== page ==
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Uncovering Employee Strengths and Applying Them to Your Team

Two women in an office giving each other a high five - employee strengths

It makes sense that employees will work better and be more engaged if you as a manager are playing to their strengths. How do you figure out what they’re best at?

Here are some ways to help you find out what your employee strengths are and how to use those talents to benefit your whole team.

1. Observe employee strengths. We often take the time to observe employees if we suspect them of doing something wrong. What if the observation was purely to see when your employees are at their best? Take note of these moments and align them with what they spend most of their time doing. If you make appropriate changes, it will pay off.

2. Encourage employees to share their strengths. After you determine your employee’s strengths, make sure they share those talents with others on the team. An article from Harvard Business Review outlined some ways to encourage employees to speak up, including modeling candor and creating an ownership culture. Even though what you want them to discuss is positive, if negative issues come out, be prepared to deal with them as well.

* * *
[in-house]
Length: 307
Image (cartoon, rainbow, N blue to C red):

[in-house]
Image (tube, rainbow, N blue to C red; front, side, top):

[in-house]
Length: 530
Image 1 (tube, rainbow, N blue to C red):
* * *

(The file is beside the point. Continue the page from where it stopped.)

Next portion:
3. Match up people with varying strengths. How often are we still building teams full of similar personalities and skills, and then watching their demise because there are gaping holes? Once you understand the varied strengths of your team members, build teams that speak to that variety, and be strategic about what you see people doing. It’s not wrong to guide the process a bit.

4. Reward strengths. This isn’t Little League – you don’t have to give participation trophies to everyone. But when you do see people utilizing their strengths in ways that are positive to a project, a team member, or the company as a whole, it’s worth marking that noteworthy moment with some sort of reward. Acknowledgement brings out the best in your workers. Lack of acknowledgement won’t have anywhere near the same result.

It’s not always easy to measure employee strengths. They are intangible, and therefore much different than measuring against deadlines or other metrics. But you’ll find that playing to what makes your employees tick will benefit you, them, and your organization.